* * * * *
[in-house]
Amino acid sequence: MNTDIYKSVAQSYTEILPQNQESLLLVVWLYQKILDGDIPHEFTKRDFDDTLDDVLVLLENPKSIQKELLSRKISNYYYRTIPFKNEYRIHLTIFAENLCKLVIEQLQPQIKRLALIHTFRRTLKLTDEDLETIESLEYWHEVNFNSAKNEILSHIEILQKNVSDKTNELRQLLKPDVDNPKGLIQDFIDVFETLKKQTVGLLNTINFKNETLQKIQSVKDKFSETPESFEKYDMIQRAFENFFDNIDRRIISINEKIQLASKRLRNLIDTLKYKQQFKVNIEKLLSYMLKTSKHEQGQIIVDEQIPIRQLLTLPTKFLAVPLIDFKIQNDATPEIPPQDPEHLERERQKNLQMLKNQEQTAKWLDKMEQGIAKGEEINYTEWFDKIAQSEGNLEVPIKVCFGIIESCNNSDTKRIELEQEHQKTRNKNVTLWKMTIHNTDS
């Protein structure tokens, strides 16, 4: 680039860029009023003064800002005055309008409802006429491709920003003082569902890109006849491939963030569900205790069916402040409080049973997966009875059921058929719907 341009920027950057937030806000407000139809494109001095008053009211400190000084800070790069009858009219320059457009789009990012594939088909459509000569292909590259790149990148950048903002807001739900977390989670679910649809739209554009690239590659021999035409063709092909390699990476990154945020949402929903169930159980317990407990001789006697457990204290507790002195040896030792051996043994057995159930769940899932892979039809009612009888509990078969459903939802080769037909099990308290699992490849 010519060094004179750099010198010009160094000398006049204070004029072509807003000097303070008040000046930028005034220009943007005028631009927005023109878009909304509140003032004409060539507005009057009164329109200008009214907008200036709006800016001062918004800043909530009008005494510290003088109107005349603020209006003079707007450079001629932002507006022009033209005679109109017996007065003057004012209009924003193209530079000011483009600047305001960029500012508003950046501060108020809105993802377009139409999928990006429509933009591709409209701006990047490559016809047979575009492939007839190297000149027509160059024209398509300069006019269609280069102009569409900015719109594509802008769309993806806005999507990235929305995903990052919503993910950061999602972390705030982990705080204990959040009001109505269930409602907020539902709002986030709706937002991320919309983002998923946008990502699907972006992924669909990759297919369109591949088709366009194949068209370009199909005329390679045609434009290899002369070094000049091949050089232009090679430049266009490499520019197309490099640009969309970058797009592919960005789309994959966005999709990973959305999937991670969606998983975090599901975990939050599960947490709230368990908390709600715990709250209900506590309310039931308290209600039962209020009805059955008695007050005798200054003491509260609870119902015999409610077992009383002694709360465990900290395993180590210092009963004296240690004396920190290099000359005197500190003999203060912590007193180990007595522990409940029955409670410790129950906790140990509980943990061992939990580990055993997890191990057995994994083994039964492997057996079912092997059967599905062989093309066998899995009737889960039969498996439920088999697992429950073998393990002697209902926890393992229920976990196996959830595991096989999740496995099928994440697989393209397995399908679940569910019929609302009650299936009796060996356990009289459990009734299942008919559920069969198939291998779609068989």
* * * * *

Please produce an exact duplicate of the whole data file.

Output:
[in-house]
Amino acid sequence: MNTDIYKSVAQSYTEILPQNQESLLLVVWLYQKILDGDIPHEFTKRDFDDTLDDVLVLLENPKSIQKELLSRKISNYYYRTIPFKNEYRIHLTIFAENLCKLVIEQLQPQIKRLALIHTFRRTLKLTDEDLETIESLEYWHEVNFNSAKNEILSHIEILQKNVSDKTNELRQLLKPDVDNPKGLIQDFIDVFETLKKQTVGLLNTINFKNETLQKIQSVKDKFSETPESFEKYDMIQRAFENFFDNIDRRIISINEKIQLASKRLRNLIDTLKYKQQFKVNIEKLLSYMLKTSKHEQGQIIVDEQIPIRQLLTLPTKFLAVPLIDFKIQNDATPEIPPQDPEHLERERQKNLQMLKNQEQTAKWLDKMEQGIAKGEEINYTEWFDKIAQSEGNLEVPIKVCFGIIESCNNSDTKRIELEQEHQKTRNKNVTLWKMTIHNTDS
């Protein structure tokens, strides 16, 4: 680039860029009023003064800002005055309008409802006429491709920003003082569902890109006849491939963030569900205790069916402040409080049973997966009875059921058929719907 341009920027950057937030806000407000139809494109001095008053009211400190000084800070790069009858009219320059457009789009990012594939088909459509000569292909590259790149990148950048903002807001739900977390989670679910649809739209554009690239590659021999035409063709092909390699990476990154945020949402929903169930159980317990407990001789006697457990204290507790002195040896030792051996043994057995159930769940899932892979039809009612009888509990078969459903939802080769037909099990308290699992490849 010519060094004179750099010198010009160094000398006049204070004029072509807003000097303070008040000046930028005034220009943007005028631009927005023109878009909304509140003032004409060539507005009057009164329109200008009214907008200036709006800016001062918004800043909530009008005494510290003088109107005349603020209006003079707007450079001629932002507006022009033209005679109109017996007065003057004012209009924003193209530079000011483009600047305001960029500012508003950046501060108020809105993802377009139409999928990006429509933009591709409209701006990047490559016809047979575009492939007839190297000149027509160059024209398509300069006019269609280069102009569409900015719109594509802008769309993806806005999507990235929305995903990052919503993910950061999602972390705030982990705080204990959040009001109505269930409602907020539902709002986030709706937002991320919309983002998923946008990502699907972006992924669909990759297919369109591949088709366009194949068209370009199909005329390679045609434009290899002369070094000049091949050089232009090679430049266009490499520019197309490099640009969309970058797009592919960005789309994959966005999709990973959305999937991670969606998983975090599901975990939050599960947490709230368990908390709600715990709250209900506590309310039931308290209600039962209020009805059955008695007050005798200054003491509260609870119902015999409610077992009383002694709360465990900290395993180590210092009963004296240690004396920190290099000359005197500190003999203060912590007193180990007595522990409940029955409670410790129950906790140990509980943990061992939990580990055993997890191990057995994994083994039964492997057996079912092997059967599905062989093309066998899995009737889960039969498996439920088999697992429950073998393990002697209902926890393992229920976990196996959830595991096989999740496995099928994440697989393209397995399908679940569910019929609302009650299936009796060996356990009289459990009734299942008919559920069969198939291998779609068989």